A gunman murdered 19 students and two teachers at the Robb Elementary School in the Texas city last May, with police heavily criticised for their slow response in taking down the shooter.
Mr Biden, who was joined by first lady Dr Jill Biden for the White House speech, said that at the scene of each mass shooting he attended, he was told the same thing by the families of victims.
“At each place, you hear the same message ‘Do something, for God’s sake do something,’” he said.
“We did something afterwards but not nearly enough. We still need to ban, in my view, AR-15 assault weapons once again, you know they have been used time and again in mass killings of innocent children and people.”
And Mr Biden, who visited Uvalde after the shooting, called on politicians to do more to end the gun crisis in the United States.
“We can’t end this epidemic until Congress passes some common sense gun safety laws... How many more parents will live their worst nightmare,” he said.
The president, who has lost two children of his own, told the families that he realised that the anniversary represented a “really tough day” for them.
“Remembering is important but it is also painful,” said the president, who was surrounded by a lit candle for each victim of the mass shooting.
“A year of missed birthdays, school plays and soccer games, just that smile. A year of everyday joys gone forever.”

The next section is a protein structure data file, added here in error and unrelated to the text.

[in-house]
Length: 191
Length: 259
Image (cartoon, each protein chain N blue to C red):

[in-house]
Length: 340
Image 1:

A criminal investigation into the actions of law enforcement reaction to the shooting remains underway in Texas, where it is the worst school shooting in the state’s history.
A report by state lawmakers concluded that nearly 400 officers from federal, state and local agencies responded to the school but that those heavily-armed officers waited an hour to confront and kill the 18-year-old gunman.
The report accused Uvalde police of failing “to prioritize saving innocent lives over their own safety.”
Mr Biden has now made more than 70 unanswered calls for Congress to take action and ban assault weapons, which are commonly used in mass shootings in the country.
It’s a demand he has given lawmakers dozens of times since entering office in 2021. Within his first two years in office, there have been roughly 1,400 mass shootings.
He has referenced a federal ban on assault weapons, called on Congress to renew an assault weapons ban or pledged that his Democratic allies will do so roughly 70 times since entering office, according to The Independent’s March 2023 review of his public statements and remarks via Factba.se.